That started in 1983. After writing SIRO I might have been ME2 for a few weeks, then it was KIRK, took some bullshit tags in the village with that, nothing particularly good. I was hanging out with this guy D-ROCK, he was in a band called Cooker, known before as Weed or also Sacro 13; all the same band. He used to write and we would go on missions and also go to HC shows together all the time. He had a dope dancing style, kind of like John Watson. We were hanging out in my hallway one day and I went to the bathroom, saw this Revlon shampoo bottle while taking a piss and picked it up.

What can I tell you? I was young and stupid, I had so much hatred in me. I hated every fucking thing. I stuck with that for a while because I developed a good one line tag. It’s a horrible tag I know but I love animals and hate animal testing so this I again one of those contrary things that I’m against what the name stands for, like Adam 12. Another tag of mine is SHIESTA and once again I’m the complete opposite of that because I don’t shyster with people. I don’t like shysters, there is always this duality that goes with me.

REVS REVLON. Whole car. 1988. Train. (photo © PM)

Did you do any burners on trains with the REVLON name or get down with any crews?
Yeah, we used to go to the 4th Avenue layups, the M yard, RR layups in the city. We also went to the ‘Dead Yard’ in Brooklyn on 39th street. Me and my partner NB were hitting tunnels pretty extensively in 1983. I never joined any crews.

At what point did the REVLON name transition into REVS?
That happened in 1987. We were painting at King Kong’s cave in Brooklyn where the N train goes to Coney Island. I was doing a wall with LAW and EROS from Staten Island, plus my partner at the time, KAB, and NIKE from DESTINY crew. I did a REVS because REVLON is a such a horrible stupid fucking name. I abbreviated it and put a Z at the end because I was sick of REVLON. By 1990 I was a nowhere guy, like that Reagan Youth song, “Go Nowhere”, that was me. I just threw the rule book out the door and didn’t give a flying fuck about making straight lines in graffiti. I just wanted to destroy like Johnny Lydon and I never looked back because I feel that I’m in my groove.



It’s interesting this transition happened when graffiti in NYC changed after the train era and new techniques, like wheat paste posters, in street bombing became more prevalent. You are associated with that, tell me about it.
I was walking down Houston near Mercer one day and saw some stupid poster for a Tom Cruise movie and I was like; ‘Fuck this, I’m gonna do my own thing’. I figured it out, got wheat paste and started going out solo, putting my posters up in the Village. This is in 1990 or maybe 1989 because I had my first girlfriend in 1988. She was Porto Rock and wasn’t hearing about any of this graffiti shit. I couldn’t be a bum, had to dress nice and take her to dance clubs like 10-18. That was fun, going to places like The Palladium, got to do what you got to do sometimes! She actually ended up running away with a sailor and moved to Hawaii. I was like; ‘Fuck this, fuck everything’ once again. I started doing these crazy sloppy rollers with the wheat paste because everything at that point in graffiti was so meticulous in 1990. Perfect straight lines, right angles… I was like; ‘nah, I hate everything’.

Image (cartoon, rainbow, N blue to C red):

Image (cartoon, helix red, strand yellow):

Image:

REVS El Paso. 1996 (photo courtesy of Freddy Alva)

People must have have thought you were putting up movie posters when you went out. How did you hook up with COST?
I would do low spots like doorways and one day I saw COST hitting all the backs of the ‘Don’t Walk’ signs on the street and I knew him since like 1985. He was putting these 8 ½ x 11 inch ‘Hello My Name Is COST’ posters and I was doing 11 x 17 inch ‘Who Is REVS’ posters. I ran into the dude from Videograf and told him to give COST my number.

Where did the idea to do rollers come from?
I think LAW and EROS used bucket paint for their piece at King Kong’s cave but they did it as fill-in material. The concept of “John Loves Mary’ written on the side of a bridge with house paint also influenced me but I took it on steroids. I’m a white dude that likes tools, got to use tools, it’s part of my nature. I can physically do some stuff but I’ll always settle for doing something smarter not harder. I got an extension pole, like 24 feet long, for the roller me and COST did. We did our first roller on a parking lot by Duane St, right on the roof. It was a brown roller on a tan wall.

COST is a straight up graffiti dude, he’s a bomber, that’s what he knows how to do. Don’t ask him to draw anything. He can probably do a piece but he’s great at throw-ups and tags. He’s not into abstract work, but when we did that roller a lightbulb went off. We blew up the whole spot, no one could go over us. It was a sloppy roller but to his credit, he’s a very neat guy and meticulous. He cares about perception, wants to get feedback. I don’t care, just don’t go over me, say whatever you want. He was like; ‘Yo Rev, we got to make these things neat, make them clean and everything’. I was like ok; I can go with the flow so when we started doing that’s when it really took off. We started hitting everywhere and these things look pretty good, almost semi-pro lettering, kind of like a stencil.                  



I know spray cans are easy to rack, but how did you get all these gallons of paint and wheat paste?